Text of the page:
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Politics and Government

Miriam Waltzer

Miriam Waltzer, a retired judge who had spent her career working to improve the lives of others, found it difficult to be on the receiving end as a refugee in need of aid.

Roselle Ungar

Roselle Ungar used new technologies to keep her scattered community together during the evacuation, and her wry humor to keep herself sane despite the upheaval.

Sara Stone

Sara Stone was ninety years old at the time of Hurricane Katrina, and her experience of the storm was tempered by a lifetime of helping the city weather hard times.

Donna Sternberg

Donna Sternberg, who had helped found the first local Federation in Baton Rouge after the Six Day War, used her fundraising experience to quickly mobilize national aid efforts to save her community after Hurricane Katrina.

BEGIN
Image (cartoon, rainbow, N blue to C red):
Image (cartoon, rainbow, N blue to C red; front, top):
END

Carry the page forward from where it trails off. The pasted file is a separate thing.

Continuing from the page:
Florence Schornstein

As director of New Orleans’s Parks and Parkways Department, Florence Shornstein mobilized the community to replant the lush greenery that helped define the city.

Madalyn Schenk

An education reformer who helped spearhead preschool programs for NCJW and United Way, Schenk focused her attention after Katrina on rebuilding schools.

Julie Wise Oreck

A fifth-generation New Orleans native, Julie Wise Oreck struggled to accept her community scattering in the wake of Katrina.

Sandy Levy

Having fought for decades to preserve the architecture of New Orleans, Sandy Levy was uniquely suited to help the city rebuild after the storm.

Ruth Kullman

As president of Touro Synagogue, Ruth Kullman focused on keeping her community together after Katrina.

Lis Kahn

A Danish immigrant, Lis Kahn lost many of her keepsakes from her first life in the storm.


How to cite this page

Jewish Women's Archive. "Politics and Government." (Viewed on December 1, 2015) <>.


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